Lax Data Security Practices Cost Morgan Stanley $35M in SEC Penalty

The US Securities and Exchange Commission (SEC) charged Morgan Stanley Smith Barney with $35 million for negligence in the data security of its clients. The settlement pertains to “extensive failures” of the investment advisor and financial services company for more than five years.

Morgan Stanley agreed to settle the $35 million penalty with the SEC. The federal agency said the company failed to protect user data as mandated by federal privacy regulations. Evidently, Morgan Stanley irresponsibly disposed of thousands of devices containing its customers’ personally identifiable information (PII).

PII and other data on these devices (hard drives and servers), which had encryption capabilities, were unfortunately unencrypted, thus signifying technical lapses. So when Morgan Stanley hired a moving company with “no experience or expertise in data destruction services,” it exposed the PII of 15 million customers.

Jordan Schroeder, managing CISO at Barrier Networks, told Spiceworks, “This is an astonishing security mistake by one of the world’s most prestigious banks, who would be expected to have well-established procedures in system life cycle management.”

“Not only does the situation mean that the bank put customer data at risk, but it also demonstrates that the organization was not following an expected policy which explained the secure disposing of IT equipment. Such a large fine, and the impact to Morgan Stanley customers, is an avoidable consequence.”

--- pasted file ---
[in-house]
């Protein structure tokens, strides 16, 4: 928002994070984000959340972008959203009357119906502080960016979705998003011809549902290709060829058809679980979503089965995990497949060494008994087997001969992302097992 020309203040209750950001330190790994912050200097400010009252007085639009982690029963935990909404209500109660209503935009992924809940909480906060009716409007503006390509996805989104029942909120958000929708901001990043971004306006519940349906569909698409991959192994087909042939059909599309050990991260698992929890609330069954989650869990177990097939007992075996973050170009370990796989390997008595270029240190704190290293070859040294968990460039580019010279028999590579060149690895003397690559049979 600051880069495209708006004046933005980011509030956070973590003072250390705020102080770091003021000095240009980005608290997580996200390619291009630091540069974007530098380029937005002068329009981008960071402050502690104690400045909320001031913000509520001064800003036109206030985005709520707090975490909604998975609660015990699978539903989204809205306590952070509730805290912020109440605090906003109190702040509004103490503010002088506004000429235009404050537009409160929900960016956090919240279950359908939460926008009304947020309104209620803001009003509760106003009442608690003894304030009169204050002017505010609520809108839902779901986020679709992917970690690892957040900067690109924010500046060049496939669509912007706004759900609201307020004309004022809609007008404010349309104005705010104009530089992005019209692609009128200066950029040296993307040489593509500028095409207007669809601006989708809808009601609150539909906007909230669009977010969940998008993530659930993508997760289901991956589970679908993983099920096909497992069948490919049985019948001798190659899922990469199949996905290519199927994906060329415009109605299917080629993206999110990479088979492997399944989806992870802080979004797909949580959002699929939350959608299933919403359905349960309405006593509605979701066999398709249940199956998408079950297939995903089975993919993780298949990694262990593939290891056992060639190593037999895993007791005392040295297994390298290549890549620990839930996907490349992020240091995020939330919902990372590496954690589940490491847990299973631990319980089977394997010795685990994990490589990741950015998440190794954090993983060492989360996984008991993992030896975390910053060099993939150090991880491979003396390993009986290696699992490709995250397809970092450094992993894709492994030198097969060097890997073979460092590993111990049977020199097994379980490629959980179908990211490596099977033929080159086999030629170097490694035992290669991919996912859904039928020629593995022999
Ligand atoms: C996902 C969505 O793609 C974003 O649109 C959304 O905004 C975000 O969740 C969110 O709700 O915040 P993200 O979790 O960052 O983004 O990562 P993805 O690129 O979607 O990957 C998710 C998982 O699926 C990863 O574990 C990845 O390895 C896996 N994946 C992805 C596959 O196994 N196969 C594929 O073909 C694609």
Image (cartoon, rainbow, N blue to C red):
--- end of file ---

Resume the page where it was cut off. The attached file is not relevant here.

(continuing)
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Morgan Stanley recovered some, but “a vast majority” of devices weren’t. As many as 42 servers with unencrypted PIIs are still missing. These hard drives and servers belonged to a now decommissioned local office and branch.

“Other businesses must use this case as an example of why it is critical to have processes in place on how to properly dispose of IT equipment. IT systems hold confidential information, so working with a trusted provider than can destroy data without putting it at risk is essential,” Schroeder added.

Morgan Stanley’s expressed pleasure in its statement to multiple outlets over the penalty. “We are pleased to be resolving this matter,” the company said. “We have previously notified applicable clients regarding these matters, which occurred several years ago, and have not detected any unauthorized access to, or misuse of, personal client information.”

However, the financial services major did not clarify how exactly it investigated. Whether the exposed PII data was misused or not for financial fraud, identity theft or any other misadventure by threat actors. The moving company Morgan Stanley hired sold thousands of those devices to a third party, selling them in an online auction without deleting the PII.

Director of the SEC’s enforcement division, Gurbir Grewal, said, “Customers entrust their personal information to financial professionals with the understanding and expectation that it will be protected, and MSSB fell woefully short in doing so. If not properly safeguarded, this sensitive information can end up in the wrong hands and have disastrous consequences for investors.

Schroeder, “Any company that doesn’t do this [implement appropriate safeguards] will find itself breaching GDPR and other privacy regulations and could face similar fines.”

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